This gave me enough cause to write an email to the ministry of tourism. There is more in this mail, as they seem to be slacking. The website they run still has not added these new rules, so it’s time to give them a shake. When (or rather if) I get an answer I will add it here.
What’s also strange is the 5 to 7 days range they indicate for the second test. So randomly, they decide whether you have to be in confinement for 5, 6 or 7 days. I think this is not only ridiculous, but it creates inequality for which there is no legal basis. Speaking of which, there is also the matter of the legal inequality that these measures create. Inequality between visitors on one hand and residents and returning emigrants on the other.
I have already been asking around on the internet. And the emotional answer many Madeirans and foreigners living here gave was along the lines of ‘if you don’t like the rules, just stay away’. Yes, I can see that people are afraid and don’t want others messing with their safety. But especially the Portuguese, who have lived under a dictatorship till not all that long ago, should appreciate the function of a constitution. And they should really not allow any government, national or regional, to mess with basic civil rights at their own convenience. There should be a balance between what’s necessary and what’s reasonable. And there certainly should not be inequality between individual persons. Such inequality has no legal basis and is therefore simply illegal.
Looking at the internet, I also found the regional president Miguel Albuquerque threatening with prison sentences for anyone not respecting the confinement rules. Asking around on Facebook resulted in the same emotional reactions. But one person tried to get to the bottom of it and came up with the fact that there is a state of emergency.
We have indeed learned that the national government in Lisbon has again called the state of emergency for the entire Portuguese territory. Clearly, that includes the autonomous regions of Madeira and the Azores. But the website of the regional government says on its front page that Madeira is in state of calamity. And that is not the same and offers a lot fewer liberties to the government. It is probably a mere lack of decent communication. Then again, the Madeiran authorities are notorious for that. But even in a state of emergency, I wonder if creating legal inequality is not in violation with the constitution.
The rest of the new measures is of less consequence for your freedom of movement. Unfortunately, they do take away a number of fun things that we normally enjoy during the festive season. There won’t be ‘noites do mercado’, evening markets with a lot of entertainment, in any municipality of Madeira, vending stalls seem to be allowed to sell alcoholic drinks only as take-away (where’s the fun in that?), no funfair in Funchal and the fireworks this year will be limited and people are recommended to see them from their homes.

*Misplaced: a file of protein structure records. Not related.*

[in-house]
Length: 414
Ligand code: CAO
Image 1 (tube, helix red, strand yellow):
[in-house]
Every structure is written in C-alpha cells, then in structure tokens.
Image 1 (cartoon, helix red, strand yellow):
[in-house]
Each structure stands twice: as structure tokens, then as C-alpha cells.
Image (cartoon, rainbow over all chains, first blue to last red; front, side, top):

For those who can’t, there will be – again limited – viewing points in Funchal. The St. Sylvester’s race has been cancelled and Christmas celebrations in the churches will have to comply with the general measures. The famous Missas de Parto will take place, but without the traditional gathering for breakfast afterwards. Some things are not completely clear, but I’m sure that they will be later this month.
Restaurants are lucky, they can remain open until midnight on December 30, and up to 01.00 AM on new years eve.
kissing and hugging: infections guaranteed
Even though I have serious questions about the legal merits of the separate rules for residents and immigrants, I do understand what the thoughts behind them are. They know that Portuguese do a lot of kissing and hugging as it is. They will certainly go all-out when emigrants return or when students return from the mainland. Virus transmissions guaranteed. Therefore, it does make sense that they wanted to put Christmas covid rules in place to keep residents returning to the island (as in students) at home for a second test, to make sure they are clean. The same goes for migrants that return to Madeira to see their family for Christmas.
As for the less questionable rules, they serve above all to prevent large gatherings of people. All very sensible. Let’s count ourselves the lucky ones that we can still go places, we can still go out and have a poncha or a meal, unlike in many European countries. We will still be able to see the abundant Christmas lights in all places over the island. And there is a light at the end of the tunnel looking at the increasing number of vaccines that are being developed. Meanwhile, I will try find out about all the confusing stuff I mentioned, meanwhile, we will keep complying with the rules.